This article is part of our special report What’s driving Europe’s digital transformation?.
The European Commission is pushing local authorities to digitise cities and make them more efficient—one radical plan bubbling up could minimise the number of cars on city streets.
The EU executive has funded research projects and set up a working group to pin down strategies that will help boost so-called smart cities in Europe, a term used to describe the move towards digital city infrastructure.
The Commission is especially encouraging cities to use technology to make energy and transport services more efficient.
A project slated to start later this year in Finland could create an app that would help Helsinki residents to map out routes using multiple modes of transport, including walking, public transport, taxis and bicycle and car sharing programmes. The app will also sell flat-rate subscriptions so that people can travel in the city with whatever combination of transport means they choose—and only pay once.
Sampo Hietanen, CEO of the MaaS app, or mobility as a service, calls the idea a kind of Netflix for transport and says it “could give a true alternative to owning a car”.
Hietanen wants the app to eventually work in cities across Europe so people can use it when they travel. The next cities he’s eyeing to get on the app include Manchester, Berlin, Antwerp and Ghent.
Legislation set to go into effect next year to slash roaming charges for mobile phone users within the EU could help the app draw users as it expands.
“I think that was one of the best decisions the EU ever did. So now you can start planning new types of services,” Hietanen said of the roaming regulation.
The idea has already garnered support for going Europe-wide.
Jacob Bangsgaard, director general of consumer group Federation Internationale de l’Automobile’s Europe office, praised the idea and told euractiv.com that “citizens are underserved when it comes to mobility”.
“In smart cities, we should be able to get from A to B by using convenient, bundled transport packages,” Bangsgaard said.
If the mobility as a service app gets people in cities to stop buying and using their own cars, it could relieve traffic congestion and even cut emissions from cars, lining up with the Commission’s plan to use technology to make cities more sustainable.
In a blog post published Monday (4 April), the World Economic Forum wrote that cities “allow for a use of fewer resources like cars, greater sustainability of public transport and of course pricing”.
The European Parliament’s Transport Committee approved a report last November that called for cleaner transport in cities and included measures to cap emissions and introduce digital features that could make transport more efficient.
French Green MEP Karima Delli (Europe Écologie), rapporteur on the report, told euractiv.com that mobility as a service projects “must get all our attention because it challenges the traditional model of private cars.”
“Platforms have already demonstrated that they lower transaction costs, but they can also be useful to lower congestion and pollution,” Delli added.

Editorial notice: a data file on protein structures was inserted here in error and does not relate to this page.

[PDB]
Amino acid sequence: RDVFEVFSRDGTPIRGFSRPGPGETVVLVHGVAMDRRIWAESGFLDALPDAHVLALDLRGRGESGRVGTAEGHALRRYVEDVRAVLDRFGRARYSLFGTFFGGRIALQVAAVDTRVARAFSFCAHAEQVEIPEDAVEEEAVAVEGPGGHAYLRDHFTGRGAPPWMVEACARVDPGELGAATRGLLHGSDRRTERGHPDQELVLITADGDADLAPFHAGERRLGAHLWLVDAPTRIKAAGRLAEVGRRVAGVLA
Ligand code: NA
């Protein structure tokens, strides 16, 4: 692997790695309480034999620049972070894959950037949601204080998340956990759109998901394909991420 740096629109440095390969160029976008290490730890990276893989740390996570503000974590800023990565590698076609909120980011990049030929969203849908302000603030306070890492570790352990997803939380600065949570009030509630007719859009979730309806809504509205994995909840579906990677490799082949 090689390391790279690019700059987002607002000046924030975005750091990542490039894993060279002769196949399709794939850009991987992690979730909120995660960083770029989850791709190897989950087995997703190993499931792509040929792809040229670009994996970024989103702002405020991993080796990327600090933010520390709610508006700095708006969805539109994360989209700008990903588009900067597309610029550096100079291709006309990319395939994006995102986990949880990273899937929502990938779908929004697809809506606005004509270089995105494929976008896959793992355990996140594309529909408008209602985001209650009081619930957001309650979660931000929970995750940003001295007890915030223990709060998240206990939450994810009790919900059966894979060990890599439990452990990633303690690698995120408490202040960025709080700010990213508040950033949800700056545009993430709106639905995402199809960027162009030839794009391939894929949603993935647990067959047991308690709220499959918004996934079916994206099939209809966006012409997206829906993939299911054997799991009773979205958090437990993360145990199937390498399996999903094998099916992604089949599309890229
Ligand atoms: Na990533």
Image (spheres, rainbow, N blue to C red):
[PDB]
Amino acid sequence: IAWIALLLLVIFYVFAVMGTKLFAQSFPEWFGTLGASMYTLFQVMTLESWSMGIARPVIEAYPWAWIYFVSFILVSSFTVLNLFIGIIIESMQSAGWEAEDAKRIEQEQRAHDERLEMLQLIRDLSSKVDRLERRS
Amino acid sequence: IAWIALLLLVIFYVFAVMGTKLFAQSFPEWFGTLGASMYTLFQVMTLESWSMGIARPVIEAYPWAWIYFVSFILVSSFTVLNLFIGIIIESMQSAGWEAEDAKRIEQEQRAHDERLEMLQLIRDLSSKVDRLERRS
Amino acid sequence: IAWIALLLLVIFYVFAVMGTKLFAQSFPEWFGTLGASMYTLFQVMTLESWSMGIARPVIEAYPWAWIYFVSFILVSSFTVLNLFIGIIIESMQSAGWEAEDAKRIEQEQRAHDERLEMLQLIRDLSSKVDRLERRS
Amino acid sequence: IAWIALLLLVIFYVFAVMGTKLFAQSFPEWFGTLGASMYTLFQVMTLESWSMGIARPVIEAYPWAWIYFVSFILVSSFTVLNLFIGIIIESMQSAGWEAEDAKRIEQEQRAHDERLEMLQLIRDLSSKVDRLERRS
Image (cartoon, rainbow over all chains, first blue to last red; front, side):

The Commission is brokering talks between public authorities and transport operators to work out details of how platforms can gain access to data and pass it along to users.
For mobility as a service and other platforms that want to advise users on how to travel in cities, gaining access to companies’ data is key.
Eurocities, an organisation representing cities in the EU, is pressing for local authorities to make transport data public and to use it to make traffic run more smoothly.
Peter Staelens, project coordinator for digital mobility at Eurocities, said cities are wary of making data public that could be useful for traffic routing because it could be swept up by giant companies like Google.
“Cities want to use open data to allow local SMEs to create employment at the local level,” Staelens said.
Hietanen says that despite disputes over data, there is growing receptiveness towards the mobility as a service idea.
“I think Europe is waking up to the idea that transportation is going through a big disruption caused by different types of digitalisation. It’s a big market disruption and a big opportunity,” he said.
Hietanen is in talks with companies and public transport operators and is pushing for the green light to sell subscriptions to their services. He insists the app will also benefit taxi drivers by bringing them more business.
With ride sharing service Uber banned and under increasing legal pressure in parts of Europe, the mobility as a service idea could face resistance for its plan to combine different modes of transport to complete one route, potentially shortening some taxi rides.
But Hietanen insists that companies and city governments should help the app get off the ground.
“If Europe wants to take charge and be the first area where this is done and beat the US and Asia then the market has to be opened up,” he said.
To make the model work, Hietanen says he needs to convince people they’re saving money but aren’t compromising convenience. He estimates Europeans spend most of their transport fees on buying and using a car.
“Can we provide something that has the same service guarantee as owning a car? People are willing to ridiculously overpay for the guarantee of having the car around and they use it about four percent of the time because it’s a guarantee for their freedom of mobility,” Hietanen said.